Tai Shan exhibits the independence and confidence of a well-adjusted little bear. There have been a few instances of Mei and Tai calling back and forth and looking for each other. The rest of the time, and to our great relief, they go about their daily panda business, relaxed and content. These slightly more stressful instances have occurred in the morning when the pandas are also very anxiously awaiting their shift into the outdoor yards and fresh bamboo. It is difficult to tell how much of their behavior is built upon their already-needy state early in the morning. If either Mei Xiang or Tai Shan vocalized during this time, this would set off more directed calling between them.

Mei and Tai are now housed on opposite ends of the habitat for now. Once we are through this weaning period, we plan to provide mesh access, and eventually permit some socialization between Mei and Tai. Tai also has the opportunity to interact through mesh with Tian Tian during shifting, especially in the transfer chute areas.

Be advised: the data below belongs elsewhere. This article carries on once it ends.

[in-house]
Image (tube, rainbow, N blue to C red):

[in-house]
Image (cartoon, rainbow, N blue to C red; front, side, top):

When the keepers arrive in the morning they cannot get everyone fed fast enough. This is the time of the year when pandas go through bamboo like Bugs Bunny chows down on carrots.

Tai Shan weighed in on Sunday at 112 pounds! Tai is shredding the largest culm, or stalk, just like an adult. When the bears are all finally satisfied, it is usually time for rest or other pursuits, if only briefly, before they are ready for the next fresh delivery. Around this time of year we look forward to the slower, and much lower appetite, days of the hot summer months.

Tian and Mei are together again during the day. Although they are not physically interacting very much, giving them the option and the associated choice of avoidance tactics, seems to occupy the ever-restless Tian.